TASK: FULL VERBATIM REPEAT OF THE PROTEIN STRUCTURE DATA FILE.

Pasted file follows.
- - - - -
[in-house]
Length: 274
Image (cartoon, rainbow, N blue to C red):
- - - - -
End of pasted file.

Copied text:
[in-house]
Length: 274
Image (cartoon, rainbow, N blue to C red):